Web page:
When dealing with issues around male violence against women, how do we get messages out to men and boys? The Ending Violence Association of BC is putting part of their focus on having role models speak out, partnering with the BC Lions for the “Be More Than a Bystander” Campaign.
For those of you who aren’t familiar with it, EVA BC is a provincial umbrella organization that works on behalf of 240 front line programs. They provide support, information on complex cases, training and resource development, and more. The Bystander campaign features BC Lions football players using their status to speak out against domestic violence.
Although some feminists might be leery of men being spokespeople on this issue, it should be noted the campaign is guided by an advisory group of women experts on violence against women.
I did an email interview with EVA BC’s Executive Director Tracy Porteous to learn more about how she thinks the campaign is doing in its second year now.
What gave you the idea to partner with the BC Lions for More Than a Bystander?
I, and many others in the field of violence against women, had long been thinking we needed more men to speak up. I thought we needed sports stars because they were icons and role models to men and boys so we approached the BC Lions…From that first meeting on, the Lions were in and we built this groundbreaking, never-been-done-as-big-anywhere-in-the-world initiative!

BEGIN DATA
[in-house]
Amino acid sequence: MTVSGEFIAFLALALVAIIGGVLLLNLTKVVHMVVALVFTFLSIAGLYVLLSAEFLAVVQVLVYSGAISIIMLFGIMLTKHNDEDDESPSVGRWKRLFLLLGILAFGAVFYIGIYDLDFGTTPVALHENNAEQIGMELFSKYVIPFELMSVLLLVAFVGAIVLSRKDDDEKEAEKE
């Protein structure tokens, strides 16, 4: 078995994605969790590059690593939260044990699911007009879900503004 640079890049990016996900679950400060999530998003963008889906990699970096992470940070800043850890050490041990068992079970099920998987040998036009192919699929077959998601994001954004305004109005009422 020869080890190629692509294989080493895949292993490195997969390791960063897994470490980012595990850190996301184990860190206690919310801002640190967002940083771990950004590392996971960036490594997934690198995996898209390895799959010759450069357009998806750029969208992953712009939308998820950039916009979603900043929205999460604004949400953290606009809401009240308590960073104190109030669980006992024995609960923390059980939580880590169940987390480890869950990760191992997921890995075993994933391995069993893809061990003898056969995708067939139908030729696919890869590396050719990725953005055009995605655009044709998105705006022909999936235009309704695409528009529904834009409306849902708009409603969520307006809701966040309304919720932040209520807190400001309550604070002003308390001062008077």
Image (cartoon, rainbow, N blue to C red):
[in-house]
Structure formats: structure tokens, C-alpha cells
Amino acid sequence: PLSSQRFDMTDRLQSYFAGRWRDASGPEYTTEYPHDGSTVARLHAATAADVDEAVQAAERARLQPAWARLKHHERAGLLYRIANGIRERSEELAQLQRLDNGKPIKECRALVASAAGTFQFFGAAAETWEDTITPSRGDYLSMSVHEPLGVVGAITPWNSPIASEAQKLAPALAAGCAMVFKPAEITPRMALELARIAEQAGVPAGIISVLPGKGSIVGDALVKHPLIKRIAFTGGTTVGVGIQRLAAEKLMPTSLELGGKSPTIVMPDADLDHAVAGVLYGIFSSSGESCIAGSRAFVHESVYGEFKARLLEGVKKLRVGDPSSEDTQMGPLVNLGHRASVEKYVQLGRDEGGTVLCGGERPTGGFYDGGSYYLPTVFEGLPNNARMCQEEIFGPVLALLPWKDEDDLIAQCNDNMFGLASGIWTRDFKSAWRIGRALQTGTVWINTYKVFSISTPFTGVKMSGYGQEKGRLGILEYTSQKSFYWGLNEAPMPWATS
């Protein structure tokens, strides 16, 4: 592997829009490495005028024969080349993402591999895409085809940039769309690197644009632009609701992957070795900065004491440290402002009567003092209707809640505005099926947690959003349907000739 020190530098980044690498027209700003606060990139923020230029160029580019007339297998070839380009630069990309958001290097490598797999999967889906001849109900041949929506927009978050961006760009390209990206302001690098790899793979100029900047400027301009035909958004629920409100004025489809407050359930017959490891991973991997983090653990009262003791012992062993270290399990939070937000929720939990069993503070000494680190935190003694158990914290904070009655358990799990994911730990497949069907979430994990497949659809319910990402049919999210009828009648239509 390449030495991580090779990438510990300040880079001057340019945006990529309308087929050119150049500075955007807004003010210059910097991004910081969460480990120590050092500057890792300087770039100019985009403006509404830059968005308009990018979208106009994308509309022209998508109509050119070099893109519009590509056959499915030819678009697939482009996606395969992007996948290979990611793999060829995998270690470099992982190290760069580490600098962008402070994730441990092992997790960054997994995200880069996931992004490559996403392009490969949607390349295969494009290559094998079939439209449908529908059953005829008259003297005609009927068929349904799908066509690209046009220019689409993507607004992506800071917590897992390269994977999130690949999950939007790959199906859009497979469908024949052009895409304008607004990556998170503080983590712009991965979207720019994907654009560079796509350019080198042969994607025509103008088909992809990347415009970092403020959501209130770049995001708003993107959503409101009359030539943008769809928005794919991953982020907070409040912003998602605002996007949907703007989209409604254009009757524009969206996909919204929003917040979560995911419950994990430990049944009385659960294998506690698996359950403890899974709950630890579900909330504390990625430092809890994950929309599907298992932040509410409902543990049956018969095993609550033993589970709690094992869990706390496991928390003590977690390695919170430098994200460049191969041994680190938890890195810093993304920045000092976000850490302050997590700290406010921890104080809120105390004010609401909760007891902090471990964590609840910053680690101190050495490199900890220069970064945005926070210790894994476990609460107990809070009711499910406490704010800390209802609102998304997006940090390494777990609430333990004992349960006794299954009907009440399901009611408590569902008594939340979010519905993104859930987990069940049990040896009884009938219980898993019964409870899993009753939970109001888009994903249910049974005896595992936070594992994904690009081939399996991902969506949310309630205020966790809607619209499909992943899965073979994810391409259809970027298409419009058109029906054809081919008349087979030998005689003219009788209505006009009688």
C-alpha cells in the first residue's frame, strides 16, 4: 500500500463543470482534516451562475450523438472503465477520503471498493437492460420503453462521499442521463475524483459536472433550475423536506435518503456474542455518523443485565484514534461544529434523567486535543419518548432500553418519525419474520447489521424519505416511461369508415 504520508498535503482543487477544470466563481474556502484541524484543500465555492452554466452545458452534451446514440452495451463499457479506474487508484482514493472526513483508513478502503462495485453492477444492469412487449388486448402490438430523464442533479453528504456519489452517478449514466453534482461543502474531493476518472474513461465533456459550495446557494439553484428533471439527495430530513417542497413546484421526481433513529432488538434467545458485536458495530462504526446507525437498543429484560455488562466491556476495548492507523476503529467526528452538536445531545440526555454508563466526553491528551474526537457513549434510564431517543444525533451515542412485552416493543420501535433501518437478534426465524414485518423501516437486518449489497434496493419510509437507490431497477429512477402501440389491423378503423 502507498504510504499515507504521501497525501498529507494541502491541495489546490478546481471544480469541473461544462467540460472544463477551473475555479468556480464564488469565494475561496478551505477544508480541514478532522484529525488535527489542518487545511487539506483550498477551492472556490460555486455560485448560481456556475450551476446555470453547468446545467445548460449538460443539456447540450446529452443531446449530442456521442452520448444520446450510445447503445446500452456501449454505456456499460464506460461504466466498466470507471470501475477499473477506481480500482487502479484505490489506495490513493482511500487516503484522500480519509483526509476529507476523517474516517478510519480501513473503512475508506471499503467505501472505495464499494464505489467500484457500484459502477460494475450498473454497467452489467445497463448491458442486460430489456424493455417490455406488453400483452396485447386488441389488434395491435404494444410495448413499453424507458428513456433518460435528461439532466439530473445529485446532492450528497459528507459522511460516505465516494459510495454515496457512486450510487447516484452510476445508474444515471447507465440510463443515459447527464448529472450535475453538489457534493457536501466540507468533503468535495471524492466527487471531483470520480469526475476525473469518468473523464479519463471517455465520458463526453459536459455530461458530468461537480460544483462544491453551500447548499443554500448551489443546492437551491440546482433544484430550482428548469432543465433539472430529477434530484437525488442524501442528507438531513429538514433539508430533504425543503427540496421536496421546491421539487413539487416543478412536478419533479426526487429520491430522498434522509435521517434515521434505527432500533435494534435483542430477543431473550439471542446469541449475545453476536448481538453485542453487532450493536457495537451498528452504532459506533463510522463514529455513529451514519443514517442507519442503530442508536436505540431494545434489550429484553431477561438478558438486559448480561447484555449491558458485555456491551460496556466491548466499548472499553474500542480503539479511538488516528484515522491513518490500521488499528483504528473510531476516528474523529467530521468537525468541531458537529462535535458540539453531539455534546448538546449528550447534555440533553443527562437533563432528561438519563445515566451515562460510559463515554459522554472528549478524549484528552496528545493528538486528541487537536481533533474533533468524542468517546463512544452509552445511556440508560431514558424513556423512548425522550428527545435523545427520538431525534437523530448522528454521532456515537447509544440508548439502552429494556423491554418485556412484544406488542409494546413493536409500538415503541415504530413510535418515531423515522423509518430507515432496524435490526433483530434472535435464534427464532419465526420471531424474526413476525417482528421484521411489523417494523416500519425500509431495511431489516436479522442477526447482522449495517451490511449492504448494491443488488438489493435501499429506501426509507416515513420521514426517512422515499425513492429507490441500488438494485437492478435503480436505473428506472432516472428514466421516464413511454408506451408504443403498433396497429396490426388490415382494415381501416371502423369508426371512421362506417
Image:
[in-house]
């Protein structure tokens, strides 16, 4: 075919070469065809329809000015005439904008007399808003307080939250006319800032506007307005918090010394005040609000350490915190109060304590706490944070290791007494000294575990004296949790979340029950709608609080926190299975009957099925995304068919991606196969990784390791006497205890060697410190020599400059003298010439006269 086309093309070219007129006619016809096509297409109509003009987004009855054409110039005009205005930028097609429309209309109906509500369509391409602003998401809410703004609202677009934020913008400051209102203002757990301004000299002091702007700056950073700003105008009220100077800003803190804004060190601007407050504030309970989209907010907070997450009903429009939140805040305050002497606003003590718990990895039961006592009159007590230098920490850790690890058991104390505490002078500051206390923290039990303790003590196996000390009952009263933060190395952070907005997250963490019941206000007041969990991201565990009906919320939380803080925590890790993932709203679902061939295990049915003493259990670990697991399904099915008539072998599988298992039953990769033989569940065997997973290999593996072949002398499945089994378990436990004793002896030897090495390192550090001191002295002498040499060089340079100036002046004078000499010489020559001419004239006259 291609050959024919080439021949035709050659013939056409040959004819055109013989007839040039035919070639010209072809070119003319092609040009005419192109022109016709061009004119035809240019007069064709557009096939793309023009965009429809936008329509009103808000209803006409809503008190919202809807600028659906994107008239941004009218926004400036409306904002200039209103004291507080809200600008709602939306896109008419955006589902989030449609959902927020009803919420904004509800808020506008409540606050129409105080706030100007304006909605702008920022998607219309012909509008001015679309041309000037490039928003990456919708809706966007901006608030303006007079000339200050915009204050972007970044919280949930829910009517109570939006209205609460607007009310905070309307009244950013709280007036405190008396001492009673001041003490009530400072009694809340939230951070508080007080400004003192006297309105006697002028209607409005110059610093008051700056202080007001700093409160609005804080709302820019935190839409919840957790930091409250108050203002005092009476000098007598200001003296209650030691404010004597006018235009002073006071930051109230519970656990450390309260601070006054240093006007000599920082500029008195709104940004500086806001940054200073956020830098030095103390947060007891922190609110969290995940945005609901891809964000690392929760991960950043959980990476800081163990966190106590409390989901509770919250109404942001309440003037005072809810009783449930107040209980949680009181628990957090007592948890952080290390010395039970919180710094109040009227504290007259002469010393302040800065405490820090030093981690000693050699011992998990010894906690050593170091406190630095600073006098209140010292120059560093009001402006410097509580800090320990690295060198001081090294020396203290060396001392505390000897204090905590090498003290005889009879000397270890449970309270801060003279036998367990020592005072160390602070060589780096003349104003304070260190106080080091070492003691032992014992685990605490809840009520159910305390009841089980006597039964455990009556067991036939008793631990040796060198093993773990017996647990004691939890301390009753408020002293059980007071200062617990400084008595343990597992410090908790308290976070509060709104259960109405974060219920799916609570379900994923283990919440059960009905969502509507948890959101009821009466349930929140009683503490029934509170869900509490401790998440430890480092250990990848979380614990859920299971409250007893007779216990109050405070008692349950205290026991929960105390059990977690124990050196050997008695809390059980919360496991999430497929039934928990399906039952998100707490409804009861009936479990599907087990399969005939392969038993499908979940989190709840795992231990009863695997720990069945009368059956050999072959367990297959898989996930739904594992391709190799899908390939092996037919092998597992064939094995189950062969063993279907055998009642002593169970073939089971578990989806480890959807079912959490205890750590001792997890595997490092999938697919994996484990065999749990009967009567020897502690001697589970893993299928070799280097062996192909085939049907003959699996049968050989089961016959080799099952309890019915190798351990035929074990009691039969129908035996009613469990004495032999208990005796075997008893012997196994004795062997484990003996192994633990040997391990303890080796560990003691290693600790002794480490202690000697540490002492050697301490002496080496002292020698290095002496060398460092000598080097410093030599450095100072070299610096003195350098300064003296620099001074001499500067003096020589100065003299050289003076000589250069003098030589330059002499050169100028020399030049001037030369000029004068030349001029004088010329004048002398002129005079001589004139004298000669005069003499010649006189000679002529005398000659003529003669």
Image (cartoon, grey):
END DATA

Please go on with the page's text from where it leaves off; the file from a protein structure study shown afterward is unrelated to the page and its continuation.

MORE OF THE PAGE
The power of this campaign is that we are engaging men in positive ways, not as potential abusers, but as bystanders who see these attitudes every day and who can act as allies, agents for positive change, and who have the power to speak up to prevent violence and to change attitudes. We know that the vast majority of men do not use violence against women and so imagine the difference that can be made if the vast majority of men who don’t commit violence began to be more than bystanders and speak up to the minority that do!
We give bystanders a multitude of options – always with an emphasis on personal safety – in hopes that people will be more likely to respond rather than be silent or passive in the face of abusive or violent situations. Something we want people to take from this campaign is that being a bystander means different things depending on the situation, on whether the perpetrator is known to you or is a stranger, etc. And so we provide ideas something for how to respond in these very different types of situations. Read more